Carolina Outdoor first argues that substantial evidence does not exist to support a finding that Matthews Auto Service was unqualified to receive commercial outdoor advertising permits because it engaged in “activities not visible from the main traveled way.” We disagree.
The Act regulates “the erection and maintenance of outdoor advertising signs adjacent to the interstate and federal-aid primary [highway] systems” in South Carolina. Daisy Outdoor Adver. Co. v. South Carolina Dep’t of Transp., 352 S.C. 113, 117, 572 S.E.2d 462, 464 (Ct. App. 2002). The Act limits the placement of commercial outdoor advertising signs to specific areas, including “unzoned commercial areas.” Id. at 117, 572 S.E.2d at 465. Business activities that do not qualify property as an unzoned commercial area includes “activities not visible from the main traveled way.” See S.C. Code Ann. §57-25-210(5)(f) (Supp. 2003). DOT regulations define “visible” as “capable of being seen, and readily recognized as a sign or commercial or industrial activity by a person of normal visual acuity.” 25A S.C. Code Ann. Regs. 63-342(HH) (Supp. 2004); U.S. Outdoor Advertising, Inc. v. South Carolina Dep’t of Transp., 324 S.C. 1, 3, 481 S.E.2d 112, 113 (1997).
Here, Carolina Outdoor’s argument essentially hinges on whether Matthews Auto Service was “capable of being seen” from Interstate 26 and “readily recognized [as a commercial activity] by a person of normal visual acuity.” The ALC concluded that this condition was not sufficiently established. It was noted, however, that the location was partially visible during the colder months when foliage had fallen from trees located between Matthews Auto Service and Interstate 26. It was determined, therefore, that Matthews Auto Service was not “visible” within the meaning of the Act, and thus unqualified for the permits Carolina Outdoor sought. We agree for the reasons articulated in the ALC’s detailed and well-reasoned order, which we adopt and incorporate by reference herein.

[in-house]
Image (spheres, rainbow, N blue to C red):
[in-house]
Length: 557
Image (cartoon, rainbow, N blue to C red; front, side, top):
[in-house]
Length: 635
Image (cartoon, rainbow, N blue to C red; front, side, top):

II. Equal Protection Violation
Carolina Outdoor also argues that denial of the permits violated its equal protection rights under the Fourteenth Amendment to the United States Constitution because permits were granted to others “where the qualifying business [was] equally or less visible and identifiable” than Matthews Auto Service. However, Carolina Outdoor fails to provide any specific examples of businesses located on similar sites that were treated differently. Thus, we find that Carolina Outdoor failed to meet its burden of proof with respect to this issue. See 25A S.C. Code Ann. Regs. 63-349(M) (Supp. 2004) (“The applicant shall bear the burden of showing that [DOT] should issue the permit.”).
HUFF, KITTREDGE, and BEATTY, JJ., concur.
 The name “Matthews” is spelled differently in many places in the record. Because “Matthews” appears in Carolina Outdoor’s permit applications, we adopt this spelling.
 At the time, the ALC was named the South Carolina Administrative Law Judge Division.